Trust Me On This…It Can Get Better
What it boils down to here is knowing what you hope to achieve and what your intention is. If you simply want to prove that you saw a certain type of wildlife and show off to your friends, you can disregard all of this. However, if you have a deeply rooted goal that aligns with photographic growth and an increase in the quality of wildlife photos you take, then here’s a quick list that will get you, your gear and your mind in the right place to up your game.
1: Stick Around Longer
This is hugely important. Nothing about wildlife photography is easy, and just spotting a creature can be hard enough. So when you spot an animal and snap that picture, you don’t get to call it good. I mean of course, there will be times that you get the shot right away but…most likely sticking around will unleash the better shot. Maybe because you can sneak in closer. Maybe because the wildlife becomes more comfortable with you and the picture becomes more relaxed. Maybe because you have a great idea that you can implement rather than just seeing and shooting. Time invested = quality returned. I don’t know if that formula has been proven as I essentially failed out of calculus but I’m sure we can get someone on it.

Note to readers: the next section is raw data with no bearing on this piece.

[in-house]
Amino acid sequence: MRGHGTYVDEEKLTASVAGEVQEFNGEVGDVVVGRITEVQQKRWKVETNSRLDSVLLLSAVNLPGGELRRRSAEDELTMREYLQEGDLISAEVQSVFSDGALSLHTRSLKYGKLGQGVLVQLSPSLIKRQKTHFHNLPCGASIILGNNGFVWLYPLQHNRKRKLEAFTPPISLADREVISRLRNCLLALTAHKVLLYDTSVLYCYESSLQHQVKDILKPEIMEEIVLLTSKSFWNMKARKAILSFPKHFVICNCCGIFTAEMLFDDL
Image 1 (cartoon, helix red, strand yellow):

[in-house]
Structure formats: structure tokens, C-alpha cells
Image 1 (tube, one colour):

2: Crop For Drama
I often struggle with this. It feels like the image I shot is the image I shot and any reducing of surrounding details would take away or detract from the original story. When you let go though, and give your image a chance to develop after it’s capture, you can make some amazing progress with just a little bit of tweaking. This was demonstrated to me when a friend went through an entire portfolio of mine and cropped EVERY SINGLE IMAGE. They were all better for it. That is the magic of a 2D image in a constrained space.